Recently I came across a post from T-Mobile in which they claim to have achieved a download speed of 5.6 Gbps over a 100 MHz channel resulting in a Spectral Efficiency of more than 50 bps/Hz. This was achieved in an MU-MIMO configuration with eight connected devices having an aggregate of 16 parallel streams i.e. two parallel streams per device. The channel used for this experiment was the mid-band frequency of 2.5 GHz.
Now let us revisit the Shannon Capacity theorem and see what data rate it predicts with the above parameters. Shannon Capacity theorem is given as:
C = N x BW x log2(1+SNR)
N=16 is the number of parallel streams enabled by multiple antennas at Tx and Rx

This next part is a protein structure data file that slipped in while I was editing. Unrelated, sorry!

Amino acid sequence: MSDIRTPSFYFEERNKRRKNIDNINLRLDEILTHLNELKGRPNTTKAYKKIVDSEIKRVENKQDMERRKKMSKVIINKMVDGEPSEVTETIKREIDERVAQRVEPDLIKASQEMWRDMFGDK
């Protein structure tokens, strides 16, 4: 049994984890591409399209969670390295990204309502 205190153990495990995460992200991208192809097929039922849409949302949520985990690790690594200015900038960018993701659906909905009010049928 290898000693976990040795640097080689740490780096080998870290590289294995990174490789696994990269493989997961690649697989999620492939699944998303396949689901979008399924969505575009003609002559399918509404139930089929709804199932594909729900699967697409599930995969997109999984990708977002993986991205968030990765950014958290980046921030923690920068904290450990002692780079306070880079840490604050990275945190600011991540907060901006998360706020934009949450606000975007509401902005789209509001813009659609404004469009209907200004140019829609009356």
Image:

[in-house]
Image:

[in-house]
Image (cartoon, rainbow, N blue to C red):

BW=100 MHz is the total bandwidth available to the carrier in the 2.5 GHz band
SNR=10 is the Signal to Noise Ratio (a moderately good SNR is assumed)
Plugging these numbers in, we get a capacity limit of 5.54 Gbps, approximately the same number obtained in the experiment. But it all depends upon the Signal to Noise Ratio, that has not been mentioned by T-Mobile in the reference post. With an SNR=20 dB, a very good channel condition, the capacity increases to about 10.65 Gbps but with an SNR=0 dB, a likely scenario at the cell edge, the capacity drops to 1.6 Gbps. The details for the capacity at different SNRs are given in the table and figure below.
- Please note that the above capacity calculations are for eight users simultaneously connected over the 100 MHz channel. The data rate achieved by a single user, in the T-Mobile experiment, was 5600/8=700 Mbps.
- Also note that much higher bandwidths are available in the millitmeter wave band and this may increase the data rates 10 fold or even higher.